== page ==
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DudeMan
06-10-2006, 03:21 AM
I'm marketing Red Bull knock offs, custom film wrapped with the establishment's logo/layout. Minimum commitment is 160 cases. My main obstacle so far with the bar/club industry is Red Bull's exclusivity contracts. People love the idea of a custom label Red Bull clone but they seem to be afraid of losing their exclusivity "reward" from Red Bull.

I know there are some RB distributors/former distributors on this board. What exactly is this reward program? How far does it go? I spoke to owners of high end supper clubs in Montreal's fancy area. They move about 800 cases/year and they claim RB is giving them $50K in cash for a 2 year contract. Many owners are telling me I "can't afford" to give them what RB gives them.

Any insights on Red Bull's on premise program, how it works, how cash backs are determined/negotiated, etc, would be greatly appreciated.

the saint
06-10-2006, 04:18 PM
That sounds like asking god "what makes women tick" or "what is the purpose in life"
Everyone is going to tell you something different as no 2 contracts are exactly the same.However I can assure you this, they are all the same that Red Bull WILL yank their money from the club etc. if not exclusive no matter what your can looks like.

Spartan Dan
06-10-2006, 05:04 PM
the saint has a point. But the delivery, ouch.

No two contracts look alike huh? I have a photo copier that dares to say otherwise. Of course, thats illegal too...

My hands are tied.

DudeMan
06-10-2006, 09:52 PM
I've heard of some clubs getting $0.33/can cash back. I can beat that easily. But other clubs getting $50K over 1600 cases, that's $31.25 cash back per case. That pretty much means the club is getting all their stock for free. That's crazy.

I'd love to see one of those contracts....How are the film-wrapped custom labels doing in the US, on premise?

the saint
06-11-2006, 11:00 AM
Alot of the $50K is in the amount that the club would be charged if they went out and had the table tents etc. printed themselves that RB gives them. I doubt very seriously that redbull is handing over 50 grand in cash.

This is a pretty common topic on this board, you might do a search for it.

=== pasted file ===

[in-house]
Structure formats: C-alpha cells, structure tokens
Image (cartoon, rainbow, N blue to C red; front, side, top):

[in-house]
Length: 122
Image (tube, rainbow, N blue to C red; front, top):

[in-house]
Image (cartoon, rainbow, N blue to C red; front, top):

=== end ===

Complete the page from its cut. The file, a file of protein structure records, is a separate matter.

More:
[ 06-11-2006, 11:01 AM: Message edited by: the saint ]

DudeMan
06-11-2006, 05:01 PM
I've read the other topics. And yes some clubs do get promo material. But these places in question have absolutely no promo material whatsoever. The owner told me that "when Robert DeNiro comes to this restaurant, they want him to be seen drinking Red Bull"..

As you said, no 2 contracts are the same. I was just curious as to how the reps establish what to give who and how.

Coco Rico
06-11-2006, 08:45 PM
To echo the Saint... they all differ based on country, region, state, market, etc. Bottom line, if it's an important account to Red Bull, they'll fight tooth and nail to keep you out.

My question to you is, aside from price, what are you prepared to offer the club? Cheap product is one thing, but that alone is not going to increase my revenues - especially if it's a no name product that no one asks for and that I could get in trouble for serving when someone orders a Red Bull. Bar owners want attention, creative ideas, promotions, bar incentives. They want a partner that will help generate traffic. Most bigs bars get that and more from Red Bull, so what do you have to offer, other than a cheap knock off (your own words by the way)?

CR

DudeMan
06-12-2006, 07:08 AM
Coco Rico: It's not a no name product. It's a custom label can. If your club is called Coco Rico, your can will say Coco Rico and the design will match your club's logo/concept. People ask for Red Bull, all you have to say is "we have our own energy drink". Customers are impressed because they can't tell the contents from Red Bull, however the can provides visibility for YOUR establishment rather than some cheap AND overpriced brand (Red Bull) that can be bought at Wal-Mart, Costco, and every corner store.